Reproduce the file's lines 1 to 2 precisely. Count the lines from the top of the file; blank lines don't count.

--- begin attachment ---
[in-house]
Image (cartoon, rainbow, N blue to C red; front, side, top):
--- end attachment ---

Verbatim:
[in-house]
Image (cartoon, rainbow, N blue to C red; front, side, top):